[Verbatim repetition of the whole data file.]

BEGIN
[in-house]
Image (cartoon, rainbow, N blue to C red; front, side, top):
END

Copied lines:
[in-house]
Image (cartoon, rainbow, N blue to C red; front, side, top):